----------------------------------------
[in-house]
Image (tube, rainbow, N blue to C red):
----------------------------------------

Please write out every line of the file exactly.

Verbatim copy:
[in-house]
Image (tube, rainbow, N blue to C red):